For fun I created an avatar of myself.  I know it doesn't look much like me, but the hair options were limited and I couldn't add a moustache

For fun I created an avatar of myself. I know it doesn’t look much like me, but the hair options were limited and I couldn’t add a mustache

Let us not give up meeting together, as some are in the habit of doing. . . Hebrews 10:25 (NIV)

I have long thought off and on about the interplay between the online and material worlds.  The proliferation of smartphones, tablets and other devices allow us to easily transport from the terrestrial world to the virtual world and back again.   In cyberspace we can recast ours identities and literally become our own avatars.  My thoughts on the topic were recently rekindled when I saw the following post on Facebook, “why do we talk to one another more on Facebook than we do on church?”  As I thought about the answer to this question, a three word phrase came to mind, the investment required.  It cost little in time or effort to post on Facebook or send out a tweet on Twitter.  It cost even less, literally a few seconds, to “like” a Facebook post or to retweet a tweeton Twitter.  Communicating in this way does not require the interaction of someone else, although that may be the desired outcome.  Depending upon your online reach, you can “speak” to hundreds or thousands of people simultaneously.  How you communicate is under your control.  It is quick, painless, convenient and sanitary.  Online interaction is the combat equivalent of a drone missile strike.  The initiator of the strike is safe, miles away from the target and strike is often surgically precise.  Even if the target is missed, the distance protects the initiator from the carnage.

Old fashion face to face human interaction is quite another matter.  It is the warfare equivalent of hand to hand combat.  The parties are eyeball to eyeball, belly to belly, engaged.  It requires an investment of time, perhaps our most precious commodity and scarcest resource.  (Am I the only one who has been accused on walking past someone without speaking because I was rushing off to do something else?)  Face to face interaction requires a high degree of engagement.  The other party knows immediately if you’re paying attention or not.  Face to face communication introduces risks and a loss of control.  You intended to talk about one topic, but the other party introduces another topic that you had not planned to discuss.  This new topic may knock on one of your emotional doors that you would rather have kept locked.  Do you open the door or ignore the knocking?  You are more exposed in face to face interaction.  People get more a glimpse of the real you, not some carefully crafted online facsimile.  There are people I know in the material world who also have an online presence and I have found myself questioning if they are in fact the same person.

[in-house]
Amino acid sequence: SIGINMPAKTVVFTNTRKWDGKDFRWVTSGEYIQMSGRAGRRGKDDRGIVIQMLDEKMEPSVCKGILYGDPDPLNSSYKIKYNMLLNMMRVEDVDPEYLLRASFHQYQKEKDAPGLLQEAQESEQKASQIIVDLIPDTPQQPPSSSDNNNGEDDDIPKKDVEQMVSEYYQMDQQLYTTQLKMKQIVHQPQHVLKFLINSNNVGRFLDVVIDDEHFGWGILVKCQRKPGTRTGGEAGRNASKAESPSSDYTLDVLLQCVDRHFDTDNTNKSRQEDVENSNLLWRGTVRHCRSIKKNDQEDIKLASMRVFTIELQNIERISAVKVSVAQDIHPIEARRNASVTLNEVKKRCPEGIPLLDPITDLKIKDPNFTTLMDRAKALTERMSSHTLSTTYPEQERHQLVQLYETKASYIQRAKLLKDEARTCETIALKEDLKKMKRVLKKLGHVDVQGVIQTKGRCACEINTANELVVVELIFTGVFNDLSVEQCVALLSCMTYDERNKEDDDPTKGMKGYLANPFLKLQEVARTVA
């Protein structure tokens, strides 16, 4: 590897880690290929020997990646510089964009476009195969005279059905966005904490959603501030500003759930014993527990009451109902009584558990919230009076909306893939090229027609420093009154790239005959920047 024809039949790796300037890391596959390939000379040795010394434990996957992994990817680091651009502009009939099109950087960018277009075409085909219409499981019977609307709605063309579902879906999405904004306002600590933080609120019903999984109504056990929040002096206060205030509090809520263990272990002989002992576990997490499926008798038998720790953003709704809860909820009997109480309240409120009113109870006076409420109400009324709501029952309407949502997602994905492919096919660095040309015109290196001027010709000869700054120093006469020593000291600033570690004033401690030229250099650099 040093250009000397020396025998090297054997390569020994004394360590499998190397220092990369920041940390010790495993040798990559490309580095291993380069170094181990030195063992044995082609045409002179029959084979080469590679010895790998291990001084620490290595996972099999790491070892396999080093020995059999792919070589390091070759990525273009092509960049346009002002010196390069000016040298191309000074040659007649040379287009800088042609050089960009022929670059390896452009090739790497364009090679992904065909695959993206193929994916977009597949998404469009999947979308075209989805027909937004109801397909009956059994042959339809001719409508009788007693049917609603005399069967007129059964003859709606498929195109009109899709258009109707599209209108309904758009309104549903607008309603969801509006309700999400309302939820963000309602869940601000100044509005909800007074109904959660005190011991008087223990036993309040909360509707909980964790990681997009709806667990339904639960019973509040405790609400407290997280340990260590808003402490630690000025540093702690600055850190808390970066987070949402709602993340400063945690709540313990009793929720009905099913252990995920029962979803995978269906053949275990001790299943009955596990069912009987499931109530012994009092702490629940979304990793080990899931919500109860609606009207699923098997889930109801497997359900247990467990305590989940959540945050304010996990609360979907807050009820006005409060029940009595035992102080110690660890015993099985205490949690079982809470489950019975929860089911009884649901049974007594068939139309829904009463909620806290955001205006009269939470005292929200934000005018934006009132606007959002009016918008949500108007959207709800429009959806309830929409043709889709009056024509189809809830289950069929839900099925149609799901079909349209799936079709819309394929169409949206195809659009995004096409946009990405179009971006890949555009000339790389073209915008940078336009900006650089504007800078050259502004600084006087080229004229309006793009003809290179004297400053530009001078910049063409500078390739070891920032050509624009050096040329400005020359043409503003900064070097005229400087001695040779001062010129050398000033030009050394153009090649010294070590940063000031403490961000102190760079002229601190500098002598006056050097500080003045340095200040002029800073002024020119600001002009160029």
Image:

Scripture has a lot to say about coming together in community.  Jesus Christ himself said, “For where two or three come together in my name, there am I with them” (Matthew 18:20).  As Christians we can connect in ways today the writer of the book of Hebrews could never have imagined when he penned the words, “Let us not give up meeting together, as some are in the habit of doing, but let us encourage one another. . .” (Hebrews 10:25a).  There are scores of online communities or “tribes” – – using the word du jour.   I am engaged in a number of online communities and find these interactions powerful as I am able to engage with people from all over the world to find inspiration, encouragement and expertise.

I am not decrying the use of social media.  I love it!  It is a primary tool for how I share my thoughts with the world.  But a quote applied to money can also be applied to social media, “it makes a good servant, but a poor master.” Online interactions cannot be substitutes for in the flesh interaction and relationships.  Many active in social media largely recognize this, which has spanned a new term, “meetup.” A meetup is an in person meeting of parties who typically interact through social media.   Regardless if you’re heavily active in social media, scheduling or allowing for more spontaneous “meetups” in your life is always a good thing.

So back to the question posed in the title of the post, “does social media enhance or worsen relationships?”  You’ve read my thoughts; I would love to read yours.  Please add your comments to  keep the conversation going.